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Bahrain Institute raises concerns of human rights abuse with FIA

The Bahrain Institute for Rights and Democracy has written to Jean Todt, president of Formula One’s governing body, the FIA, raising its concerns about alleged serious human rights violations in the country.

Sayed Ahmed Alwadaei, director of advocacy at Bird, said: “In the past five years severe human rights violations have been committed during the race authorised by the FIA. These include arbitrary arrests, torture and killings. Until now the FIA have shirked responsibility and failed to use their leverage. We want to remind them of their responsibilities, which means being prepared to cancel the race in coming years.”

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Bahrain urged freeing rights activist
In 2012 human rights activists called for the race to be cancelled. A number of team members privately expressed feelings of discomfort as the race went ahead against a background of unrest and demonstrations in the country. Since then the feeling in the paddock has settled down, and felt safer, because of intense security measures.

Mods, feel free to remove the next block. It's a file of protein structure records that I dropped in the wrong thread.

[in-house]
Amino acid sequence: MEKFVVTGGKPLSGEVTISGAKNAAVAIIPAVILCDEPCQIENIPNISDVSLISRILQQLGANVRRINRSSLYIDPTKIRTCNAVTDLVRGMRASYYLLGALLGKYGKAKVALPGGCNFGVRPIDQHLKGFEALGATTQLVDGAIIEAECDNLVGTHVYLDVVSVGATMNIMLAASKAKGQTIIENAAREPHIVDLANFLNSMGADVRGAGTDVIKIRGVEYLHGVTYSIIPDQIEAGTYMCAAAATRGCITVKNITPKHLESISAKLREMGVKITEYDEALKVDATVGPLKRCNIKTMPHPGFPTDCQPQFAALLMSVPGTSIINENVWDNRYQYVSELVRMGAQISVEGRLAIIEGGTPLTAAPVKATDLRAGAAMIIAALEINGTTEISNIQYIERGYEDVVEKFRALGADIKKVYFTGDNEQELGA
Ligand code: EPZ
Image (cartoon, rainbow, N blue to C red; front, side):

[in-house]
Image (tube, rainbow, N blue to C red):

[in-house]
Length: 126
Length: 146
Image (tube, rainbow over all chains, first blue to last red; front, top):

Formula One reverses human rights’ stance in runup to Bahrain Grand Prix
The letter to Todt from Bird starts: We write to you regarding the serious human rights abuses in Bahrain in relation to the Formula One race. As the President of the Fédération Internationale de l’Automobile, you are directly responsible to ensure that due diligence procedures are implemented effectively to mitigate the circumstances in which human rights abuses occur in the process of conducting the race.

Although a welcomed human rights policy has been adopted by Formula One, this does not distance the responsibility of the FIA of taking due diligence procedures.

“We note with disappointment and concern no such process has been followed by the FIA. We are further concerned that there has been a reluctance from the FIA to address these adverse human rights impacts caused as a result of the race since 2011.”

The letter continues: “Since 2011 the government of Bahrain has continued imprisoning and torturing those expressing dissent. It is widely recognised that the government response is characterised by the unlawful use of state violence, injuring hundreds of people. In 2015 Human Rights Watch exposed reform promises by the government as a ‘sham’ and that torture was still widespread and systematic.”

 

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Todt was busy with meetings at the Sakhir Circuit and unavailable for comment. Alwadaei told the Guardian that he had not yet had a response to his letter, which was sent on Thursday.

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